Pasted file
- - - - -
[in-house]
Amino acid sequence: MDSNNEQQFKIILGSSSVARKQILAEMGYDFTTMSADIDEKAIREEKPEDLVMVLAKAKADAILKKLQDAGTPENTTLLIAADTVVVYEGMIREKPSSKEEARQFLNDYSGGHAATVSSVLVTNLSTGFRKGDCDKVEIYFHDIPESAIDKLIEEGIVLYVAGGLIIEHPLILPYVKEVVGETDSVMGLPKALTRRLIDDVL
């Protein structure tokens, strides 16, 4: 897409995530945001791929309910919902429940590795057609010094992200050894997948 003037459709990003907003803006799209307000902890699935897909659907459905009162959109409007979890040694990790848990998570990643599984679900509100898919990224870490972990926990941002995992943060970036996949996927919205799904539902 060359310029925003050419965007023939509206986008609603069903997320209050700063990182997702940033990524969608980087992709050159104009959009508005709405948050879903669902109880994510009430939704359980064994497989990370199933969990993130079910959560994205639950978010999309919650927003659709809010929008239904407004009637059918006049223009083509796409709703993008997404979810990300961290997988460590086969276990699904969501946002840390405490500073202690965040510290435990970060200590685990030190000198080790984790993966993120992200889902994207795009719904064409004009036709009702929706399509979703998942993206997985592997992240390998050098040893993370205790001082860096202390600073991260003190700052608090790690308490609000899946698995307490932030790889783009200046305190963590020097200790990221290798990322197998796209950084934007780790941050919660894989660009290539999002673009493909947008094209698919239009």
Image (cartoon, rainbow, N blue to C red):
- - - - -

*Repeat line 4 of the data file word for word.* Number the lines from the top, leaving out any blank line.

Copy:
Image (cartoon, rainbow, N blue to C red):